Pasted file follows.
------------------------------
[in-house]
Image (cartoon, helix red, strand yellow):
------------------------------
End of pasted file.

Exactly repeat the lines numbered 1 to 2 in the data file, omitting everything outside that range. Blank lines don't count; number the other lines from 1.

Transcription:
[in-house]
Image (cartoon, helix red, strand yellow):